Jago Hua Savera (Day Shall Dawn). 1958. Pakistan/Bangladesh. Directed by Aaejay Kardar. With Khan Ataur Rahman, Tripti Mitra, Kazi Khaliq. In Urdu, Bengali; English subtitles. 91 min.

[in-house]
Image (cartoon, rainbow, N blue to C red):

The great Indian filmmaker Satyajit Ray excelled in Chekhovian portraiture, imaginatively bringing to life the foibles, hopes, and vices of ordinary people. Until the reemergence of Day Shall Dawn at this year’s Cannes Film Festival, few Westerners were familiar with the similarly humanist work of Aaejay Kardar or, for that matter, with 1950s Pakistani cinema more generally. At the time of its premiere in 1958, Day Shall Dawn seemed to herald a new kind of filmmaking in Pakistan, a strangely intoxicating mix of melodrama and Neorealism. But Kardar and his screenwriter, the poet Faiz Ahmad Faiz, were branded as communist enemies of the country’s new military dictatorship. And though their film—the deceptively simple story of a fisherman who dreams of owning his own boat on the Meghna River in Bangladesh (formerly East Pakistan)—was filled with melancholy and comical touches, their depiction of a poor fishing community being shaken down by greedy loan sharks proved too incendiary. A presentation of the Nauman Taseer Foundation. DCP.